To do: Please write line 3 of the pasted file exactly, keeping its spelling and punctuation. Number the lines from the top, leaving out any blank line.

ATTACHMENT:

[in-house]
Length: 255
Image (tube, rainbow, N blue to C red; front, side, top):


Image (tube, rainbow, N blue to C red; front, side, top):